Plastic crabs on the beach?

It’s the end of your first day at the beach. You’re a bit sunburnt but you had a lot of fun. Now it’s time to put away the chairs and towels, put on your t-shirt and share a cocktail as the BBQ is warming up. Wait a minute… Before you go, are you sure that you’ve not forgetton anything? Look around to ensure that your kids don’t leave behind one or two of their beach toys. Do you really think that a small plastic crab doesn’t matter? Think again because more than 43,000 beach toys were found in 2017 by the volunteers of the international coastal cleanup. Because of this crap mentality, we harm the marine life as these lost plastic toys take up to 1,000 years to decompose. Can you imagine having microscopic plastic pieces in your plate coming from Vikings’ toys? Well, it’ll happen to future generations…

Additionally, we can only keep reminding you that those toys are made of plastic. So, their manufacture requires oil, pollutes water and emits some crabon of dioxide. Alright, you might feel like a beached whale because of your distracted kids. In that case, why not buy used beach toys or wooden toys instead of buying a brand-new set?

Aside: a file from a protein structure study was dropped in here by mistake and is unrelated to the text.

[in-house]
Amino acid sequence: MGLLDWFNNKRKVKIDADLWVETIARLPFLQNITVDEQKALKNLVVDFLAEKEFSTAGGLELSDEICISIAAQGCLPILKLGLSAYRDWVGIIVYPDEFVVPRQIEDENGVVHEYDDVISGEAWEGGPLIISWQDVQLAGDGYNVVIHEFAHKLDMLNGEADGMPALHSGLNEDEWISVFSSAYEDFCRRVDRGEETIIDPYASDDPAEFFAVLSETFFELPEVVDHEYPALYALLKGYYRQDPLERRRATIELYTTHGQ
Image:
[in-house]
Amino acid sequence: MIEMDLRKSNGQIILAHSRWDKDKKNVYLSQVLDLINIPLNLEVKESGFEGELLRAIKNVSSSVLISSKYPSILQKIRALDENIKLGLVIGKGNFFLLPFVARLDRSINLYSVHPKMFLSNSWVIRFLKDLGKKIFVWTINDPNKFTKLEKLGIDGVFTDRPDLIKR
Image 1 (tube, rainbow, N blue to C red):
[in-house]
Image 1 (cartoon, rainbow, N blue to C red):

A trick dedicated to the Saquish crew

YOUR ENVIRONMENTAL SAVINGS*

When you don’t buy a brand-new beach plastic toy set, you help to save approximately:
  • 422g of plastic
  • 59.5 fl oz / 1.76 liters of oil (manufacturing of plastic materials and shipment)
  • 25.89 gal. / 98 liters of water (oil extraction)
  • 402 kW of power (manufacturing and packaging)
  • 2.58lb / 1.17kg of CO2 equivalent (power production, oil extraction, and shipment)
  • 276.6 ft2 / 25.7 m2 ecological footprint (virtual forest required to absorb CO2 emissions)
  • 2 to 30 US dollars / 1.5 to 15 euros

These figures do not include the quantity of water polluted by the decomposition of the toys into nanoparticles of plastic. The reference set includes 8 pieces: watering can, bucket, sieve, rake, shovel and 3 sand molds.

(*) These data are statistically estimated for personal use only. Any use for scientific, business or legal purposes is strongly discouraged.

Learn more: https://www.treehugger.com/slideshows/ocean-conservation/weirdest-trash-has-been-found-beaches/?utm_content=bufferb8624&utm_medium=social&utm_source=twitter.com&utm_campaign=buffer#slide-top https://oceanconservancy.org/trash-free-seas/plastics-in-the-ocean/ https://www.sciencedaily.com/releases/2018/12/181219115557.htm https://www.independent.co.uk/life-style/food-and-drink/food-microplastics-eating-plastic-pollution-environment-a8395556.html

Leave a Reply

Your email address will not be published. Required fields are marked *

This site uses Akismet to reduce spam. Learn how your comment data is processed.